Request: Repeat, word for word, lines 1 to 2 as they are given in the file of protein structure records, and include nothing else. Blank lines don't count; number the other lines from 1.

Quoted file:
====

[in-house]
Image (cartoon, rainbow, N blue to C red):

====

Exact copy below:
[in-house]
Image (cartoon, rainbow, N blue to C red):